If at the cinema the releases usually thin out during the summer period, even if in this month they will land in the title room of weight, the home video market never goes on vacation this July offers all fans of great cinema proposals for all tastes. Fans of the comic world can only rejoice at the arrival of Doctor Strange in the multiverse of madness, the new cult of the MCU signed by a very inspired Sam Raimi, but the next few weeks mark other important arrivals. From the intense Spencerstarring a stunning Kristen Stewart as Lady D., on the epic The Northman by Robert Eggers, from the Fracassona science fiction of Moonfall to the western atmospheres of Old Henryup to the necessary recovery of oriental cults such as I’m a cyborg but that’s ok of Park Chan-wook, the variety of proposals is such as to satisfy almost anyone.
Old Henry (July 6)
Henry is a calm-hearted middle-aged man who was prematurely widowed and continued to care for his land and son. One day at the door of his house is a mysterious injured man with a bag containing a huge amount of money. But men also arrive at his heels led by a sheriff who immediately orders the farmer to deliver them fugitive. The farmer will have to decide which side to take and who to trust.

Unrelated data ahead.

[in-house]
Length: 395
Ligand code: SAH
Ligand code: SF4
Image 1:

Illuminated by the magnetic performance of the protagonist Tim Blake Nelson, Old Henry takes us back to the dusty atmospheres of the old west with a vintage touch that looks to the modern action contaminations of the genre, mindful of the glorious past of the frontier on the big screen.
Moonfall (July 6)
In Moonfall we will see the Moon that, pushed by a mysterious force, is thrown out of its orbit to head on a collision course with Earth. Within weeks of the fatal impact that will annihilate the world, former NASA astronaut and executive Jocinda ‘Jo’ Fowler has an idea to save the planet. However, no one believes her, aside from Brian Harper, a man from her past, and a likeable conspiracy theorist named KC Houseman. The three unlikely heroes will throw themselves into one desperate space mission leaving behind, perhaps forever, their dearest loved ones, to try to discover the incredible secret concerning the only “natural” satellite of the Earth.
The new catastrophic by specialist Roland Emmerichto which we owe such cult as Independence Day And Stargate, sees a trio of protagonists formed by Halle Berry, Patrick Wilson and John Bradley, on a mission to save the earth from destruction. You can read our Moonfall review here.
Spencer (July 13)
The marriage between Princess Diana and Prince Charles has long since turned into a cold and distant relationship. Although rumors of betrayals and a divorce are already circulating, the Christmas holidays at the Royal Sandringham House seal a truce. And time passes between dinners, drinks and hunting trips. Diana knows the game, but this year things are going to be completely different. Spencer is a fictional reconstruction of what may have happened during those fateful days.